by John Hawkins | April 25, 2015 12:09 am
“In terms of legal immigration, how we need to approach that going forward is saying — the next president and the next congress need to make decisions about a legal immigration system that’s based on, first and foremost, protecting American workers and American wages, because the more I’ve talked to folks, I’ve talked to Senator Sessions and others out there — but it is a fundamentally lost issue by many in elected positions today — is what is this doing for American workers looking for jobs, what is this doing to wages, and we need to have that be at the forefront of our discussion going forward.” – Scott Walker
It doesn’t matter if your ancestors came over on the Mayflower or if you became a citizen yesterday. An American citizen is an American citizen is an American citizen. However, there’s a world of difference between an American citizen and a foreigner. We owe American citizens a lot. We owe foreigners very little.
With that in mind, the first question that should asked when it comes to our legal immigration policy is, “Is this policy good for the Americans that are already here?”
According to Gallup, 39% of Americans want less immigration and only 7% want more, so to the larger plurality of Americans, what Scott Walker said is just common sense. However, among the political class, Walker’s comments set off a firestorm because so many of them have stopped taking what’s good for the American people into account when they consider immigration.
Wages of America’s middle class have dropped below 1970s levels as immigration has surged 325 percent, according to a new congressional report that questions claims that native Americans are economically helped by greater immigration.
The nonpartisan Congressional Research Service report studied immigration and middle class income from 1945-2013 and found that as immigration slowed between 1945 and 1970, American incomes increased.
…In the report to the Senate Judiciary Committee, the CRS reported that the foreign-born population of the United States surged 324.5 percent, from 9,740,000 to 41,348,066, from 1970 to 2013.
And as that happened, incomes of the bottom 90 percent dropped 7.9 percent in 2013 dollars, from an average of $33,621 to $30,980.
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As a matter of fact, an awful lot of Americans are being put out of work by LEGAL immigration.
While jobs are always being created and lost, and the number of workers rises and falls with the economy, a new analysis of government data shows that all of the net gain in employment over the last 13 years has gone to immigrants (legal and illegal). From the first quarter of 2000 to the first quarter of 2013, the number of natives working actually fell by 1.3 million while the overall size of the working-age (16 to 65) native population increased by 16.4 million. Over the same time period, the number of immigrants working (legal and illegal) increased by 5.3 million. In addition to the decline in the number of natives working, there has been a broad decline in the percentage holding a job that began before the 2007 recession. This decline has impacted natives of almost every age, race, gender, and education level.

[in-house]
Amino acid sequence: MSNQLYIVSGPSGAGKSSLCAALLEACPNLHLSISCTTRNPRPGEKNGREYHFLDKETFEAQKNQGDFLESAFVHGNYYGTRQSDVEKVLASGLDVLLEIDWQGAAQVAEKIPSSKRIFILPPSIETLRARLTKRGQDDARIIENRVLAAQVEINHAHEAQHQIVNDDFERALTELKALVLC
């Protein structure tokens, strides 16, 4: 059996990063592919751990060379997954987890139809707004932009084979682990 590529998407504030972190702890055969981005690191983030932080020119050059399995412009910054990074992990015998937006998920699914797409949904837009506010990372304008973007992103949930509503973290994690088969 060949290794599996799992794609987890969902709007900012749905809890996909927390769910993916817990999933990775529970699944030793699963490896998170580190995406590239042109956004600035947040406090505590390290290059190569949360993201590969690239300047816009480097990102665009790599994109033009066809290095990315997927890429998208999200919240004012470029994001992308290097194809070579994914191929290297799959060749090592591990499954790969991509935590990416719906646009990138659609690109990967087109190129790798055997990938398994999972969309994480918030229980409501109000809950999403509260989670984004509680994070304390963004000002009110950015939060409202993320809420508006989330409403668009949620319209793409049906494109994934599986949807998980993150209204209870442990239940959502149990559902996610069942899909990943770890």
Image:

Theoretically, massive amounts of immigration may be good for America, but it sure hasn’t worked out that way in practice – and no wonder. One of the most basic principles of economics is supply and demand. If you increase the supply of workers, at a minimum, salaries and benefits drop because of the competition. If you increase the supply until there are more workers than jobs, then some people don’t work at all. That’s exactly what has happened in America over the past few decades.
That doesn’t mean immigration it bad, it’s just a little like water. It’s a necessity a glass at a time, but when it comes at you in a tidal wave the size of the Empire State Building, it can do a lot of damage. What’s wrong with acknowledging that obvious fact?
Yes, immigration has helped America overall. Yes, we should continue to allow immigration. In fact, there might even be certain professions where we want to INCREASE legal immigration. For example, unless we get a Republican in the White House who agrees to repeal and replace Obamacare (Helpful hint: Don’t vote for a candidate who won’t pledge to do this), then we’re going to need a lot more foreign born doctors to replace all the American docs leaving the profession. Moreover, I’d like to see us make the process quicker, easier & cheaper for LEGAL immigrants who we allow into our country. They want to obey our laws and try to do the right thing, so why are we making it so hard on them when we’re bending over backwards to reward lawbreaking illegals? However, when so many Americans are out of work, what’s wrong with cutting back on legal immigration for a while to allow more of our current American citizens to get back in the work force? Just as it would make sense to INCREASE the number of legal immigrants coming into the country if we had a shortage of workers, it makes sense to DECREASE the number of legal immigrants coming into our country when almost 93 million Americans are out of the labor force. That’s not “anti-immigrant” in any way, shape or form, it’s putting Americans first; something that far too many politicians & plutocrats who’ve put greed above the good our country have ceased to do.
As Mark Levin said, “We are not a nation of immigrants. We are a nation of citizens.” It’s time that our immigration policy took that into account and put Americans first.
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